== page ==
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Playing cards have been with us since the 14th century, when they first entered popular culture. Over the centuries packs of cards, in all shapes and sizes, have been used for games, gambling, education, conjuring, advertising, fortune telling, political messages or the portrayal of national or ethnic identity. All over the world, whatever language is spoken, their significance is universal. Their popularity is also due to the imaginative artwork and graphic design which is sometimes overlooked, and the “then & now” of how things have changed.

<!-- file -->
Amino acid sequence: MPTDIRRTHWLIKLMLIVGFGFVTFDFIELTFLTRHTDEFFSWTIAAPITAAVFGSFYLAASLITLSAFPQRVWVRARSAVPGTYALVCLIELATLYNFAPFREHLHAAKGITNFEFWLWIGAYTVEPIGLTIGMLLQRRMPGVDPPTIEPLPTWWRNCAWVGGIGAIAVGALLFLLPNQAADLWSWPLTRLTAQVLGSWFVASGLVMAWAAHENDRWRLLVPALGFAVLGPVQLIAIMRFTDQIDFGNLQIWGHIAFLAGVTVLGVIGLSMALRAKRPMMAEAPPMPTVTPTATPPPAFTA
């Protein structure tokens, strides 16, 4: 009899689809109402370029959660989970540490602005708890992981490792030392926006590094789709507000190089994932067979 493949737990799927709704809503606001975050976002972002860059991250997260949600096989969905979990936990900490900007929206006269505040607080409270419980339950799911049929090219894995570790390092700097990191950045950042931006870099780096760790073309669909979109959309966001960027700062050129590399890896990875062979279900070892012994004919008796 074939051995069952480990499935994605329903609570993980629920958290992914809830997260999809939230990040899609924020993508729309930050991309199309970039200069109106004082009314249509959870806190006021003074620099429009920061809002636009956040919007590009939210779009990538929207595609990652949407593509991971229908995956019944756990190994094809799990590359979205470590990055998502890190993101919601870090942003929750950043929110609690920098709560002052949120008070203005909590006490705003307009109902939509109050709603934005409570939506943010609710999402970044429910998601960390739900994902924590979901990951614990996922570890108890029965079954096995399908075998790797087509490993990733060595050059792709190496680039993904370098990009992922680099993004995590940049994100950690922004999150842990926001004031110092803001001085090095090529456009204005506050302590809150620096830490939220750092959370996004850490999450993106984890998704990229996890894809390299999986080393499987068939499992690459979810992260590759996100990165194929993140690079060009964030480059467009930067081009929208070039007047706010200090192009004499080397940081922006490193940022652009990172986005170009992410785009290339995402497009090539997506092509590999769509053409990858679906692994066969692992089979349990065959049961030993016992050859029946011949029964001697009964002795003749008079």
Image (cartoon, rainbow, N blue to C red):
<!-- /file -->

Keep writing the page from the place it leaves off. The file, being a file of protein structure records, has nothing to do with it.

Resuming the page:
Art in Playing Cards, page 4



Playing Cards by the South German Engraver

The earliest known engraved pictures all came from German-speaking regions, north of the Alps, starting around c.1400. Copper-engraved playing cards were also produced, employing the skills of the engraver and goldsmith, with great detail in the designs. At this time the German card makers were also indulging in a lot of experimentation with different suit systems.

See also: Tarocchi di Mantegna
The Book of Trades


By Simon Wintle

Member since February 01, 1996

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Curator and editor of the World of Playing Cards since 1996.